UPDATED Midnight EST, November 20, 2018. As of this writing, Democrats have netted 38 seats in the United States House of Representatives, with three races still to be called. Democrat Ben McAdams narrowly leads incumbent Republican Mia Love in Utah’s 4th Congressional District (CD), while Democrats trail narrowly in California’s 21st and Georgia’s 7th CD. For a fuller analysis of the 2018 midterm elections, see here. For more details on called and uncalled races, see here and here.
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With Democrat Conor Lamb’s narrow victory over Republican Rick Saccone in the March 13, 2018 special election to fill the United States House of Representatives (House) seat vacated by Republican Tim Murphy, there were 238 Republican-held seats, 193 Democratic-held seats and four open seats (2 Democratic, 2 Republican).
The two Democratic open seats (MI-13, NY-25) are likely to remain open until the entire House is up for election on November 6, 2018. In the last three presidential elections, the Democratic nominee won these Congressional districts (CD) by an average 67.4 and 18.3 percentage points (points), respectively, so it is highly likely both seats will be won by Democrats. The seat vacated by Republican Trent Franks (AZ-08) will be filled in a special election on April 24, while that of Republican Patrick Tiberi (OH-12) will be filled in a special election on August 7. The last three Republican presidential nominees won these two CDs by 22.7 and 10.2 points, respectively. The Arizona seat will likely remain Republican, though the Ohio seat could be close.
For now, however, let us assume that party control of these four CDs does not change. That would leave the partisan balance at 195 Democrats and 240 Republicans. This means that Democrats need to flip a net total of at least 23 seats to win a House majority after the 2018 midterm elections.
In a previous post, I listed projected Democratic net House seat gains based upon four models; I developed two of these models.
Briefly, I use the change in the margin by which Democrats won/lost the total nationwide vote for all 435 House seats (Democratic % – Republican %) from the previous Congressional elections (24 election, 1970-2016). In 2016, the Democrats lost the national House vote 47.6% to 48.7%, for a margin of -1.1 points[1]. The current FiveThirtyEight estimate is that Democrats leading in generic Congressional polls (“If the election was held today, would you vote for the Democratic or Republican candidate in your district?”) by 6.5 points (13.1% unsure/other parties). If that were the actual election margin, that would equal a change of 6.5 – (-1.1) = 7.6 points.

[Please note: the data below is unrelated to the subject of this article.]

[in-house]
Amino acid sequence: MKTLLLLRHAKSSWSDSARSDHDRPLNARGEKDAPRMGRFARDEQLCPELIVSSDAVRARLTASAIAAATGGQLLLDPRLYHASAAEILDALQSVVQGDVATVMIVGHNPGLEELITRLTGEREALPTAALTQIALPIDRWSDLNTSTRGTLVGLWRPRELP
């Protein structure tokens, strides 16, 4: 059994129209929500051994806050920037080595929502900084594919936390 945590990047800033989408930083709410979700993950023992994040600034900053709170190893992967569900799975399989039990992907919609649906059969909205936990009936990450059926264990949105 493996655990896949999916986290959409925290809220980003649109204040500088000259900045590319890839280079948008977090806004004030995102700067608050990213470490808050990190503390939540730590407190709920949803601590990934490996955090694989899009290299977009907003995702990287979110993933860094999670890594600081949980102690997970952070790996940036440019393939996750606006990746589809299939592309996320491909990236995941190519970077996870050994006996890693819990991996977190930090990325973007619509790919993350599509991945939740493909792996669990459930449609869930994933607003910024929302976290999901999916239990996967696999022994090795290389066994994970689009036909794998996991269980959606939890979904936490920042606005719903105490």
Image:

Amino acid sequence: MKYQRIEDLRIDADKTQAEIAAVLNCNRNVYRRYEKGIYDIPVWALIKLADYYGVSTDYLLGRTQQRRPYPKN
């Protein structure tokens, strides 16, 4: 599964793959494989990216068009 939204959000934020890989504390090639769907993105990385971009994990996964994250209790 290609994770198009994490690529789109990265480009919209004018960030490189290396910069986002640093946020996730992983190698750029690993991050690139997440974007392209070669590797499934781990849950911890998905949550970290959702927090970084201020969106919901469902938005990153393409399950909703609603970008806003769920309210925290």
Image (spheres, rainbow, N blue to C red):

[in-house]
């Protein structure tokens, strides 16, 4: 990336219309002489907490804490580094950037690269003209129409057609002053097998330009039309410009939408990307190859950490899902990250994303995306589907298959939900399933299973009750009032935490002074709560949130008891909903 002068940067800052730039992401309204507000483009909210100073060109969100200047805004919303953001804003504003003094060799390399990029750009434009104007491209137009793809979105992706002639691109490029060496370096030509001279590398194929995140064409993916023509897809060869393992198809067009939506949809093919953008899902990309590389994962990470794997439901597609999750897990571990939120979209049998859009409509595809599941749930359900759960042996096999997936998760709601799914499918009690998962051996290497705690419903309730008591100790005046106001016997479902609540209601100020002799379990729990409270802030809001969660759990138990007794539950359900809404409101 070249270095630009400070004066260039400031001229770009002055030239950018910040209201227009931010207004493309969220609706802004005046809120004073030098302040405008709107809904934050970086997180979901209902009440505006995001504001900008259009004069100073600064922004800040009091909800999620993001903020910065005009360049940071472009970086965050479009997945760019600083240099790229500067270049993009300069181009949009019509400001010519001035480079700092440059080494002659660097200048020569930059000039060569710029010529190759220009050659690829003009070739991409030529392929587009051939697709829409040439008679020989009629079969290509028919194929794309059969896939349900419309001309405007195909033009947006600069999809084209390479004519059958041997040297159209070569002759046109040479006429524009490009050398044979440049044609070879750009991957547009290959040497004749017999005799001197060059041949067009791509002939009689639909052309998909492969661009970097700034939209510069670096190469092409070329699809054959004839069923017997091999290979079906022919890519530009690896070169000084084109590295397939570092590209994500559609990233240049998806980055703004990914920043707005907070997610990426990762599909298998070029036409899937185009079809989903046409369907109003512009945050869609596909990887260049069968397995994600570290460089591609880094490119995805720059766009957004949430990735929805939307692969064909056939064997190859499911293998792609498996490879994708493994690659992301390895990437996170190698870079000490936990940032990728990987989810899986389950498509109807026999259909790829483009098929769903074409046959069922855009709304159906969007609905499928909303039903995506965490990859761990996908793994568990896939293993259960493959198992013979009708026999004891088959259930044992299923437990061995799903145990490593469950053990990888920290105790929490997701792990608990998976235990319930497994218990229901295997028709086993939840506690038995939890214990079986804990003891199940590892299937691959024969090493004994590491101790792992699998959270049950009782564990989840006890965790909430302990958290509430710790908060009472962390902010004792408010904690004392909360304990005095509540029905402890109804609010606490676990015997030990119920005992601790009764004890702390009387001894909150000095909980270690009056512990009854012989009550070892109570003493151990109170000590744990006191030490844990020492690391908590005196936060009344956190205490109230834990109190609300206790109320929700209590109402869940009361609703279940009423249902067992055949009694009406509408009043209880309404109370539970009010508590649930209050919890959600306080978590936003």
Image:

In my “simple” ordinary least squares (OLS) regression model, I use only this value:
Estimated Democratic net seat gain = -1.63 + 3.11 * Change in Democratic margin
On average, every one percentage increase in the change in Democratic margin nets Democrats 3.1 additional House seats. Plugging a 7.6 point change in Democratic margin into the formula yields:
-1.63 + 3.11 * 7.6 = 22.01
This model has Democrats falling one seat shy of a House majority, even after winning the national House vote by 6.5 points—a result that should give believers in “one person, one vote” pause.
The 95% confidence interval (CI) around this estimate is 13.3 – 30.8, meaning we can say with 95% confidence that a 7.6 point shift in Democratic national House margin would result in a net gain of between 13 and 31 seats. This translates to a 41.2% chance the Democrats net at least 23 House seats in November 2018.
Again—that is when Democrats win the national House vote by 6.5 points. Take your pick of what to blame: incumbency advantage (Republicans gained a net 63 House seats in 2010 before the most recent round of redistricting), geographic self-sorting (Democrats in urban areas, Republicans in rural/small town areas, suburbs up for grabs) and partisan gerrymandering.
In a slightly more complex model, I account for whether the Congressional election coincided with a midterm or a presidential election: